Now, a novel is not the same as a research paper. However, I’ve started to think about the possibility that I may not write long novels. Maybe shorter work is just my style. As a new writer, it’s hard to know when something is my style, and when something is happening because I’m a novice. For now, I’ll keep working on my 45,000 average. Perhaps I’ll hit that magic number this month, during the amazing creative juju of NaNoWriMo.

A Chance Encounter in Pemberley Woods – Now on Kindle Unlimited!

My book is now available through Kindle Unlimited 🙂

I am super excited to let you all know that A Chance Encounter in Pemberley Woods is now available through Kindle Unlimited. If you don’t know, Kindle Unlimited is a program through Amazon in which you pay one monthly price and can read as many KU books as you want.

I’m excited for this next stage for my little book!

Beta Reading Is Amazing

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I recently sent two different works to complete strangers for a beta read. For those of you who don’t know, beta readers are fellow writers who volunteer to read through your work. They offer constructive criticism and feedback. I had never participated in either end of the process, so I decided it was high time.

The result has been truly worthwhile. I have received incredibly helpful notes and ideas. Throughout the many years that I have been writing, I have followed the same process. I write and revise, write and revise. It is always me looking at each successive draft. Not only did it keep me from moving forward with my writing, but it kept me from seeing new possibilities within my own work.

I also decided to take on some work as a beta reader. It has been more fun and informative than I thought it would be! I find it really interesting to read other author’s works in progress. To see what people are working on, before an editor gets to it, has been great. And the whole process has given me a stronger sense of community.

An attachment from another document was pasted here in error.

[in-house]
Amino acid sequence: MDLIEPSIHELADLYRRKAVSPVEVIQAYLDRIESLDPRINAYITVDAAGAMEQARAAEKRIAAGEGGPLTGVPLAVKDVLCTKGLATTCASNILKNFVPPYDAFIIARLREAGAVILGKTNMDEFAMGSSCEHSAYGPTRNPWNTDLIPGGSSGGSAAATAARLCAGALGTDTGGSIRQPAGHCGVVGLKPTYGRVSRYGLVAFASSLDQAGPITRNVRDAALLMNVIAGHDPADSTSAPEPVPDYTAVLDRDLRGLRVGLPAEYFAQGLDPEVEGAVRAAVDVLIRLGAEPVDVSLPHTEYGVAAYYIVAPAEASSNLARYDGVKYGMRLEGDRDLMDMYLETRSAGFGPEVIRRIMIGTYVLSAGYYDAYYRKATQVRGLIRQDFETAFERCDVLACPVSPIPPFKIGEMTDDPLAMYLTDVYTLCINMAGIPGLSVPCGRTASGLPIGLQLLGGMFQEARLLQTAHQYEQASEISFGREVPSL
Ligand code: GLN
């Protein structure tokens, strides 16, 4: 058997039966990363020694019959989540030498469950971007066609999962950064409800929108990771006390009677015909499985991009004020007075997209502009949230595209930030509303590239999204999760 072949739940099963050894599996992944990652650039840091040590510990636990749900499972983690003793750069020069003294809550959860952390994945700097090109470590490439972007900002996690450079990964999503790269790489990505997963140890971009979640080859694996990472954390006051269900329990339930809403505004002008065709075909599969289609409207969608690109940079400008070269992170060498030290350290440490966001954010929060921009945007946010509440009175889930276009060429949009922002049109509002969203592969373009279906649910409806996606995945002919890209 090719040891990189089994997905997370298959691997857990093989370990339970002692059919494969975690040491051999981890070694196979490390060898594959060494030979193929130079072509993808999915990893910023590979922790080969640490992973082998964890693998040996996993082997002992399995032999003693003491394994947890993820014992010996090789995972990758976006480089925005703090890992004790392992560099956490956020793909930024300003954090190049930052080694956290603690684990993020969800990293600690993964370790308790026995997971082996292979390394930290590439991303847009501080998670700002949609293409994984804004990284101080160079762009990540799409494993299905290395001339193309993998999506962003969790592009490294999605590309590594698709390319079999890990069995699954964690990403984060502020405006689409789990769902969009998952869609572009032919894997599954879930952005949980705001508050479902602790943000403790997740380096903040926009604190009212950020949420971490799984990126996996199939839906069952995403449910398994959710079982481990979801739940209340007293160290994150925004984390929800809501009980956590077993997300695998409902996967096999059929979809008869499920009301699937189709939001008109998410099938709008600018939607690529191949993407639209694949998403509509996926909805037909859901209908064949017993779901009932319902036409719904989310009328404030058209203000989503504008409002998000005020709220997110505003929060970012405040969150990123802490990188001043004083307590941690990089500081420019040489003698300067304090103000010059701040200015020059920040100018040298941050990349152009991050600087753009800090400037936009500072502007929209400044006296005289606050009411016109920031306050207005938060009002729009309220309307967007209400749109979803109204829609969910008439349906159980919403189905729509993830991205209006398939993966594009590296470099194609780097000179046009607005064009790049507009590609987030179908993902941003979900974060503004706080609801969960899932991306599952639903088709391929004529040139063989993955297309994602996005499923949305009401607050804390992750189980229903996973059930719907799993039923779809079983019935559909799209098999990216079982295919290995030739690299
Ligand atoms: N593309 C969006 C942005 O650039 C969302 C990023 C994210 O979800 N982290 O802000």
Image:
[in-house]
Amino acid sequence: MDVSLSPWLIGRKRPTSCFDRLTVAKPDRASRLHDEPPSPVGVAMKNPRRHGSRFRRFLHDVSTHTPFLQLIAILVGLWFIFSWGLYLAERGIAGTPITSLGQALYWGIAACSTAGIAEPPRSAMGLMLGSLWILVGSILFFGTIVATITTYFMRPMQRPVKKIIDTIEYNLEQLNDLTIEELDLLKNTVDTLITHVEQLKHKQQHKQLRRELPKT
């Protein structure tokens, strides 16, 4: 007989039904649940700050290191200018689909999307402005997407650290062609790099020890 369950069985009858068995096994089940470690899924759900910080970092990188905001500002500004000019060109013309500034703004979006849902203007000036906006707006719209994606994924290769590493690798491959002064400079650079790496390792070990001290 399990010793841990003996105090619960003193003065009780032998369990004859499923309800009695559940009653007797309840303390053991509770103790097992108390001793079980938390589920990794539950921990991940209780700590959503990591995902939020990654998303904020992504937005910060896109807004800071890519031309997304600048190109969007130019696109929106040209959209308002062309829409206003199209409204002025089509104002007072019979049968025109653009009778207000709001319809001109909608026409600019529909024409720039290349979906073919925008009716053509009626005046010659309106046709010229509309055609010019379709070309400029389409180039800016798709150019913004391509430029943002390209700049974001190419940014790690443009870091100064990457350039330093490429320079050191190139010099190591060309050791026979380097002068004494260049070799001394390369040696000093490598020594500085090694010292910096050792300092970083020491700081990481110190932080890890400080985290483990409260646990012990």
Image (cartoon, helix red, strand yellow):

And you know what? The writing community is amazing, and I’m so happy to be a part of it.

Music to Write By – Fidelity

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For my third installment of Music to Write by I’ll be highlighting a few of the pieces I have listened to while writing my latest work. I’m calling it Fidelity right now.

Let’s set the scene

In order to appreciate the music, here is the blurb for the novel. You know, the back of the book copy that draws you in and makes you buy the book (well, hopefully).

When computer programmer Sora Leroux intercepts secret plans to destroy the upcoming peace accords with an alien nation, she doesn’t know whom to trust. One thing she does know, however, is that she’s in danger. She decides to run, but the Special Ops captain sent to track her down has other plans.

Captain Graham Smith has been sent bring in Sora Leroux, a woman implicated in a terrorist threat. When new information reveals a greater conspiracy, Graham must decide who is telling the truth as he races to save London from a hidden threat.

Piece the first

Okay, I must start with the piece of music that started it all. Biplane by Andrew Lockington. This piece is from the movie The Space Between Us (worth a look, if you’ve never seen it). A pivotal scene of the novel came to me while I was listening to this track. It gets amazing at minute 1:50. Wait for it.